OTTAWA — The navy’s decision to retire four venerable warships will mean finding short-term stop-gaps until new vessels are built.
Two of the fleet’s three destroyers, HMCS Iroquois and Algonquin, and both supply vessels, HMCS Preserver and HMCS Protecteur, have made their last voyages and will be decommissioned, Vice-Admiral Mark Norman said Friday.
Norman, commander of the Royal Canadian Navy, said the retirements have been in the cards for some time, but other developments speeded up the plans.
In addition to general wear and tear from four decades at sea, Algonquin and Protecteur both were involved in serious accidents recently. Given that they were slated for retirement shortly, there was no point in repairing them.
Algonquin was in a collision in 2013 and Protecteur suffered a major engine room fire last February and had to be towed home from Hawaii. Serious corrosion problems were found in Preserver in recent months.
Iroquois had been slated for retirement next year anyway.
“All of the ships are at or approaching the end of their effective and productive service lives and any further expenditure of time or money in these ships no longer makes sense,” Norman said.
The navy is essentially left with a single destroyer, HMCS Athabaskan, 12 Halifax-class frigates and some smaller, coastal defence vessels. The frigates are going through a modernization process and some of them will be docked over the next few years.
Defence analyst Martin Shadwick said losing the four ships will mean less flexibility for the navy in what missions it can take on and how it uses the operational assets it has.
“Our ability to take on commitments both at home and overseas is going to be restrained at least until they get all 12 of the frigates back in service,” he said from Toronto.
Norman said he’s confident that the navy can meet its commitments.
The destroyers were Cold War sub killers launched in the 1970s. They were refitted in the 1990s as command-and-control ships and area air-defence vessels.
Norman said he expects the frigates can replace them, for the most part, although their anti-aircraft missiles aren’t as far-reaching.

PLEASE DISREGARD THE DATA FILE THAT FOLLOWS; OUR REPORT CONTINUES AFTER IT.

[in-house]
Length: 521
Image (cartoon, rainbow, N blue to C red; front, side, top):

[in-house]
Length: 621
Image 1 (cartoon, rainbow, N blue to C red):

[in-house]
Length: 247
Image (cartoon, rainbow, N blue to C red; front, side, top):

“In many respects, a modern, highly capable frigate like we’re producing in the Halifax class through the modernization, is as capable in most respects if not more capable than what is now 20-year old technology in the legacy Iroquois class.”
The navy is looking at ways to replace the supply ships, which were used to refuel and resupply ships at sea. Replacements aren’t due until 2019 at the earliest.
“Options include potential enhancements, or additions, to existing agreements with key allies, as well as some made-in-Canada solutions,” Norman said. He wouldn’t go into details, but said other navies needing a temporary fix to such a shortage have borrowed vessels or refitted civilian tankers.
The crews of the four warships, about 1,400 sailors in all, will be reassigned. Some will spend months stripping their ships of gear that can be recycled and preparing them for disposal. Others will be retrained for jobs aboard the frigates.
The ultimate fate of the ships lies with Public Works. Norman said he doesn’t know if they will be sold for scrap or sunk as artificial reefs.
HMCS Huron, a sister-ship in the destroyer class, was retired in 2000 and sunk as a target in 2007.
While none of the four retiring ships is to sail again, their disposal may take a year or 18 months. Iroquois, however, will be the first to go. She will be formally paid off in January.
NDP defence critic Jack Harris said the decision to decommission the vessels came because of government penny-pinching.
“These ships are being taken out of service because the government can’t afford, the navy can’t afford to operate them and still try and get their procurement budget going,” he said.
“So this government really is putting the screws on, on the navy and the navy’s ability to operate in its mandate, and this is the consequence.”